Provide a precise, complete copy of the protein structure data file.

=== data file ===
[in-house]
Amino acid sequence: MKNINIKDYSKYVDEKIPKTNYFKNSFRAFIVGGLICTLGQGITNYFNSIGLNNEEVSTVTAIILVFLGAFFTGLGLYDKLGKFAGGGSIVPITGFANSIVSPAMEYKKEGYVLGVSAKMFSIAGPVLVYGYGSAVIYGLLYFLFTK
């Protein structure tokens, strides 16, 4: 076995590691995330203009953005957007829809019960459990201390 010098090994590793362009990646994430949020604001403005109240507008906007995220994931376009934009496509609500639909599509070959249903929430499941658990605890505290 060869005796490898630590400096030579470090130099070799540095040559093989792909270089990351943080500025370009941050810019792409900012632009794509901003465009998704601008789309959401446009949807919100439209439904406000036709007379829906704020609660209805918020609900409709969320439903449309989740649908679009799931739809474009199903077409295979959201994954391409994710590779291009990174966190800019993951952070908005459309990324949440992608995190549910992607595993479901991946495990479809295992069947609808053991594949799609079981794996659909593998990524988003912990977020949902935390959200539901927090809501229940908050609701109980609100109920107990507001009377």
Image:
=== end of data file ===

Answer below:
[in-house]
Amino acid sequence: MKNINIKDYSKYVDEKIPKTNYFKNSFRAFIVGGLICTLGQGITNYFNSIGLNNEEVSTVTAIILVFLGAFFTGLGLYDKLGKFAGGGSIVPITGFANSIVSPAMEYKKEGYVLGVSAKMFSIAGPVLVYGYGSAVIYGLLYFLFTK
């Protein structure tokens, strides 16, 4: 076995590691995330203009953005957007829809019960459990201390 010098090994590793362009990646994430949020604001403005109240507008906007995220994931376009934009496509609500639909599509070959249903929430499941658990605890505290 060869005796490898630590400096030579470090130099070799540095040559093989792909270089990351943080500025370009941050810019792409900012632009794509901003465009998704601008789309959401446009949807919100439209439904406000036709007379829906704020609660209805918020609900409709969320439903449309989740649908679009799931739809474009199903077409295979959201994954391409994710590779291009990174966190800019993951952070908005459309990324949440992608995190549910992607595993479901991946495990479809295992069947609808053991594949799609079981794996659909593998990524988003912990977020949902935390959200539901927090809501229940908050609701109980609100109920107990507001009377």
Image: